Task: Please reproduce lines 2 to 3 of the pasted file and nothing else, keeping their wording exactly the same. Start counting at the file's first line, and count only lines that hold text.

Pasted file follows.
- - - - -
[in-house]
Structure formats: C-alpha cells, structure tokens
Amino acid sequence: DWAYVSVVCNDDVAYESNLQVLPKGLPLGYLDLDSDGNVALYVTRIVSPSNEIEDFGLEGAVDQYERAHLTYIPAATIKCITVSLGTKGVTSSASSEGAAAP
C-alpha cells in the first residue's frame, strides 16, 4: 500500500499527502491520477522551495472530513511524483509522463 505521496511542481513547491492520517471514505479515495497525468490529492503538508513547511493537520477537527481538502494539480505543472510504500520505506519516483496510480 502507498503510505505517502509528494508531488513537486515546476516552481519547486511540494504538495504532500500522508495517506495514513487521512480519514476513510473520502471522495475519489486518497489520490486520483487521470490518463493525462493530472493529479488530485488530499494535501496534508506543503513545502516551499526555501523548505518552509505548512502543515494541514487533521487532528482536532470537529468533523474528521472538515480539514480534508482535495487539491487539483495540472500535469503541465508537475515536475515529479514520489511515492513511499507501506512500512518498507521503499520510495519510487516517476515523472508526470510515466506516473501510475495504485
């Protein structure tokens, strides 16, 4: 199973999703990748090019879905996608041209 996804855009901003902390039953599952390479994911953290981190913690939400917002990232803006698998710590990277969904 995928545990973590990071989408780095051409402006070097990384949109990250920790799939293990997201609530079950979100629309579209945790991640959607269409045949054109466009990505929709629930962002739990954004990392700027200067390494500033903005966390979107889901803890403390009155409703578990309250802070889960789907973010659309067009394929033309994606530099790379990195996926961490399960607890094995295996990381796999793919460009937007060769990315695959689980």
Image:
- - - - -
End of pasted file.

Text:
Structure formats: C-alpha cells, structure tokens
Amino acid sequence: DWAYVSVVCNDDVAYESNLQVLPKGLPLGYLDLDSDGNVALYVTRIVSPSNEIEDFGLEGAVDQYERAHLTYIPAATIKCITVSLGTKGVTSSASSEGAAAP